I first learned about Anne Frank in third grade. My class had to do a book report on the biography of a famous person, and when I was at a loss for a topic, my mom brought me a variety of library books from the biography section. The one that caught my interest? Anne Frank. Her story absolutely captivated Little Third Grade Me, and I enthusiastically decided that she would be my topic. In eighth grade, we studied the Holocaust and World War II, and we all had to write an essay and do a presentation on a topic that tied in with either the Holocaust and WWII, and explain its significance. The topic I picked? Anne Frank. Her life, her diary, everything about her has always been extraordinarily interesting to me. And I'm talking about her today because today (or, yesterday? I don't know...I'm writing this post at midnight between August 4th and August 5th...) is/was/not sure the 70th anniversary of the day she was arrested. And I tend to hear people as in person or on the internet this single question: "why was she important?"
She played no actual role in the war, she did not save the lives of hundreds during the Holocaust, nor did she survive. However, Anne Frank's importance in not only the time period in which she lived, but also human history, is still there.
Through her diary entries that spanned her entire time in hiding, she documents what life was like as a Jewish person living in a nation occupied by Nazis. Through her descriptions of the passions, hopes, and fears of herself and those she went into hiding with, she is one of the many people that brought a human face to the victims of the Holocaust --people who at the time were being treated as anything but human. Anne Frank's life story depicts the resilience of humanity in that she refused to give up hope for the future, despite being stuffed into an attic for years with the lives of her family, her friends, and herself at risk, losing the opportunity to have a normal adolescence. She is a reminder that the Holocaust (or any genocide for that matter) must never happen again.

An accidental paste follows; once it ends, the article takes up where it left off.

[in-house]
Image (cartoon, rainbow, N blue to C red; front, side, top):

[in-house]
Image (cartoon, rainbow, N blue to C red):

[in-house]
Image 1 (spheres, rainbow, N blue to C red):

But I think she's also important because she was a teenage girl when she wrote her journal. She goes through a lot of the same stuff as teenage girls today have to deal with. Anne Frank got her period, argued with and distanced herself from her parents, thought about sex, had crushes on boys, etc. Her diary shows that --regardless of the fact that Anne lived in the midst of a genocide in the 1940s-- she went through the exact things that I go through, that you or someone you know are going through, which feels really crazy, doesn't it?
Anyway, my point is, Anne Frank is still relevant today. Yes, she is significant because she provided a firsthand account of the Holocaust. Her story is one of humanity, passion, and hope during one of the absolute darkest periods in human history. However, the importance of Anne Frank does not end there. She's important because teenage readers can relate to her. She reminds teenage girls that they are not alone in the things they experience, and that adolescence was the same bittersweet time of weirdness and confusion and the occasional bits of wonderfulness back then as it is now. And I think that's almost as important as her historical legacy.
Okay. I'm not really sure if anything I read made much sense. I'm just gonna publish this post and hope for the best. Too tired to read it over and proofread. I need my sleep.